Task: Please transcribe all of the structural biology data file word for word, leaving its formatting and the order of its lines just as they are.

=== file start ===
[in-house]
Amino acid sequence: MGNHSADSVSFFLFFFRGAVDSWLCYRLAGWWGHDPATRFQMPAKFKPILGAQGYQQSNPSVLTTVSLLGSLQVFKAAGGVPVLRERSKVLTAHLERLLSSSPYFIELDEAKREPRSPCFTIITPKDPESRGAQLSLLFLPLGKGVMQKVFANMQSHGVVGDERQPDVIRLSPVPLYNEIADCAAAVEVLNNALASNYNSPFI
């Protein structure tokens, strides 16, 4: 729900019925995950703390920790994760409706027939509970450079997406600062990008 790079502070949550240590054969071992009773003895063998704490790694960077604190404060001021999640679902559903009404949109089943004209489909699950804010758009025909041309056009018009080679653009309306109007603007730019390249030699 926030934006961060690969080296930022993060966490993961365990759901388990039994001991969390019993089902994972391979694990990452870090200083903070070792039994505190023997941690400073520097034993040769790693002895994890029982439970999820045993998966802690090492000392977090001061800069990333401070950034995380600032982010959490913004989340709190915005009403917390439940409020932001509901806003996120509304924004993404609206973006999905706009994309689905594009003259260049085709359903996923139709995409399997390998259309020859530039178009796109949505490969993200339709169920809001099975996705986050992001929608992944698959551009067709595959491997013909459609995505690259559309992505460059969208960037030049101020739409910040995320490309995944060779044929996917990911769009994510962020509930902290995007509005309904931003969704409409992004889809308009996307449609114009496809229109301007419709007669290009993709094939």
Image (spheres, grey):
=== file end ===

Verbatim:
[in-house]
Amino acid sequence: MGNHSADSVSFFLFFFRGAVDSWLCYRLAGWWGHDPATRFQMPAKFKPILGAQGYQQSNPSVLTTVSLLGSLQVFKAAGGVPVLRERSKVLTAHLERLLSSSPYFIELDEAKREPRSPCFTIITPKDPESRGAQLSLLFLPLGKGVMQKVFANMQSHGVVGDERQPDVIRLSPVPLYNEIADCAAAVEVLNNALASNYNSPFI
């Protein structure tokens, strides 16, 4: 729900019925995950703390920790994760409706027939509970450079997406600062990008 790079502070949550240590054969071992009773003895063998704490790694960077604190404060001021999640679902559903009404949109089943004209489909699950804010758009025909041309056009018009080679653009309306109007603007730019390249030699 926030934006961060690969080296930022993060966490993961365990759901388990039994001991969390019993089902994972391979694990990452870090200083903070070792039994505190023997941690400073520097034993040769790693002895994890029982439970999820045993998966802690090492000392977090001061800069990333401070950034995380600032982010959490913004989340709190915005009403917390439940409020932001509901806003996120509304924004993404609206973006999905706009994309689905594009003259260049085709359903996923139709995409399997390998259309020859530039178009796109949505490969993200339709169920809001099975996705986050992001929608992944698959551009067709595959491997013909459609995505690259559309992505460059969208960037030049101020739409910040995320490309995944060779044929996917990911769009994510962020509930902290995007509005309904931003969704409409992004889809308009996307449609114009496809229109301007419709007669290009993709094939």
Image (spheres, grey):